Need to get in touch? Give us a call.
Our helpful customer advisors are available to answer questions and give you the advice and information you need.
For all other enquiries please contact us from the contact Listers section.
By Jonathan Crouch
Added 18th March, 2016
, updated 19th May, 2017
SEAT's first Crossover, the family-sized Ateca, directly targets Nissan's Qashqai in this growing segment and looks a strong proposition. Jonathan Crouch checks out what's on offer.
SEAT's Tarraco aims to shake up the mid-sized 7-seat SUV market. Jonathan Crouch takes a look.
This much improved third generation SEAT Leon is a Focus-sized model that these days offers smarter styling, impressive media connectivity, strong safety provision and some efficient engine options. If you'd been overlooking it, this Spanish contender might now be worth a second glance.
As before, Leon buyers choose from either a five-door hatch or an 'ST' estate model. In both cases, SEAT says that visual style was one of the key reasons why people bought the original version of this car, so it wasn't necessary with this current version to change the aesthetics too much. Whether there really is 'latin spirit in every one' is another question of course. In the case of sportier versions like the FR models, we'd be tempted to say yes. Overall, on a pure value-versus-quality basis, this Leon has long been the pick of the Volkswagen Group offerings in this sector. And that also makes it one of the key segment benchmarks outside the Wolfsburg family of brands. Which in turn, makes it a very good car indeed.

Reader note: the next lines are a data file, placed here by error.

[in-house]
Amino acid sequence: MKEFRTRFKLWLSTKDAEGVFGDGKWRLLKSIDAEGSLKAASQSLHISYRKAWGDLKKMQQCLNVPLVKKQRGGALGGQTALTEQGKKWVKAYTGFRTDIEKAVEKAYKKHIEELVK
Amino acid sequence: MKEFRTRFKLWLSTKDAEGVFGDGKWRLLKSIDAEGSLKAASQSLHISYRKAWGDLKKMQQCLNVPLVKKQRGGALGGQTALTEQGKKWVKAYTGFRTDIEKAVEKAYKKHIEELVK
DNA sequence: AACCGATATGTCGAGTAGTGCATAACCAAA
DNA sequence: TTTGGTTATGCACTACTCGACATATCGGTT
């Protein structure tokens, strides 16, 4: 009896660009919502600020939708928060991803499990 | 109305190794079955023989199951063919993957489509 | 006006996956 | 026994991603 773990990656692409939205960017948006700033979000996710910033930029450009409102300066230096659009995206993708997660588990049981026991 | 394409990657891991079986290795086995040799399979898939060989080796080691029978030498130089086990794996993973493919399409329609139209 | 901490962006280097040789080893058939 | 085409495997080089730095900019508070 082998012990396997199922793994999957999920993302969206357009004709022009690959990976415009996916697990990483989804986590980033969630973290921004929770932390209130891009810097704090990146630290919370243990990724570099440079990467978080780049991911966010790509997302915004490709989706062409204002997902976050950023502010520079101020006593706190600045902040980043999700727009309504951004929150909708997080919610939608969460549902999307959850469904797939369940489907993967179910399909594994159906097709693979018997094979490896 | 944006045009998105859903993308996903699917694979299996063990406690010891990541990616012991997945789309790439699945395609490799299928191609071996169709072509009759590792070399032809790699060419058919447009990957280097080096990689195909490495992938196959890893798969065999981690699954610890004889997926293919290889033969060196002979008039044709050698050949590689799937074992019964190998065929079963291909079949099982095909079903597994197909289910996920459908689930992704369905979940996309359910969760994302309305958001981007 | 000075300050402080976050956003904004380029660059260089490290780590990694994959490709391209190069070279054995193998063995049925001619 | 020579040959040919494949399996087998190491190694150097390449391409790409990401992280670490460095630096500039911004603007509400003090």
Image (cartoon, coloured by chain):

Every volume brand seems to have its own idea of what a small supermini-based SUV should be. Jonathan Crouch takes a look at SEAT's offering, the Arona, in its popular 1.0 TSI petrol guise.
Ibiza's important to Spain - and this one certainly is to SEAT. Over 5.4 million examples of this car have been sold since the original first generation model's introduction back in 1984. If SEAT can promote this fifth generation car properly, then it stands a chance of gaining a place somewhere near the top of the rather over-stuffed shortlists that most browsing supermini buyers will be working though. An inherent product rightness certainly counts in this Ibiza's favour, borne from a real attention to detail that's come through development of this model line over a quarter of a century.
In summary, we're looking here at a car that, like its brand, has matured nicely. One mindful of the fact that modernday Spaniards need to balance Latin spirit with sober sense. In this Ibiza, they've a small car that does exactly that.
SEAT's MK5 model Ibiza supermini gets a range of strong engines, including an efficient 1.0 TSI three-cylinder unit. The experts at Car & Driving check it out.
Simply click the range you’re interested in to see what reviews are available:
If you would like more information, please get in touch with your local SEAT centre, who will be happy to help you:
Please note that we only display reviews for cars we currently have for sale on these pages.